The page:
Cuba

OPINION: Cuba and the United States – A New Era?

On Dec. 17, by freeing the five Cuban anti-terrorists who spent over 16 years in U.S. prisons, President Barack Obama repaired a longstanding injustice while changing the course of history.

Anemia in Eastern Cuba Reflects Inequality

Cuba has met the United Nations goal of reducing hunger. But anemia caused by malnutrition is still a problem among infants, small children and pregnant women in this Caribbean island nation, which has been in the grip of an economic crisis for over two decades.

The Day CIA Failed to Un-beard Castro in His Own Den

The controversial low-brow Hollywood comedy, 'The Interview', portrays the story of two U.S. talk-show journalists on assignment to interview Kim Jong-un - and midway down the road are recruited by the Central Intelligence Agency (CIA) to poison the North Korean leader.

OPINION: Sabotaging U.S.-Cuba Détente in the Kennedy Era

I grew up in Hickory Hill, my family’s home in Virginia which was often filled with veterans of the failed Bay of Pigs invasion. 

OPINION: JFK’s Secret Negotiations with Fidel

On the day of President John F. Kennedy’s assassination in November 1963, one of his emissaries was secretly meeting with Fidel Castro at Varadero Beach in Cuba to discuss terms for ending the U.S. embargo against the island and beginning the process of détente between the two countries.

Thaw with U.S. Finds Transformed Civil Society in Cuba

The normalisation of relations between Cuba and the United States opens up a new path of “readjustments not free of risks”, which forms part of the process of “national transformation” ushered in by Raúl Castro, said Lenier González, one of the creators of the citizen initiative Cuba Posible.

OPINION: We Have So Much to Learn From Cuba

Earlier this month, President Barack Obama announced the restoration of diplomatic relations with Cuba after more than five decades of a misguided policy which my uncle, John F. Kennedy, and my father, Robert F. Kennedy, had been responsible for enforcing after the U.S. embargo against the country was first implemented in October 1960 by the Eisenhower administration.

Cuba and United States Now Foment Moderation in the Americas

With the decision to reestablish diplomatic ties, Cuba and the United States, polar opposites that have long inspired or fomented extremism of different kinds in the Americas, have now become factors of moderation and pragmatism.

The Day Anti-Castro Forces Tried to Bomb the U.N.

When the politically-charismatic Ernesto Che Guevera, once second-in-command to Cuban leader Fidel Castro, was at the United Nations to address the General Assembly sessions back in 1964, the U.N. headquarters came under attack - literally.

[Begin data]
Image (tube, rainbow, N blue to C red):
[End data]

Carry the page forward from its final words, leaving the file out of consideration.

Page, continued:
U.S. Flag Can Be Seen Again in Cuba

The announcement that the United States and Cuba would reestablish diplomatic relations took most Cubans by surprise. Over half of the population was born after the severing of ties in 1961 and the start of the embargo that has marked their lives.

After 53 Years, Obama to Normalise Ties with Cuba

In perhaps his boldest foreign-policy move during his presidency, Barack Obama Wednesday announced that he intends to establish full diplomatic relations with Cuba.

Cuba’s Reforms Fail to Reduce Growing Inequality

One of the major challenges assumed by President Raúl Castro when he launched a series of reforms in Cuba is improving living standards in a country still suffering from a recession that began over 20 years ago and has undermined the aim of achieving economic and social equality.

OPINION: How Ebola Could End the Cuban Embargo

When was the last time in recent memory a top U.S. official praised Cuba publicly? And since when has Cuba’s leadership offered to cooperate with Americans?

OPINION: One Mexico, or Many?

Mexico can charm, irritate, wound, inspire and confuse the casual visitor as well as the informed researcher. But no one is ever left indifferent by it. Mexico leaves an indelible mark.

Crisis Fuelled Resurgence of Horse-Drawn Carriages in Cuba

Up and down the streets of towns and cities in Cuba go horse-drawn carriages with black leather tops and large back wheels, alongside more simple carts, operating as public transportation.

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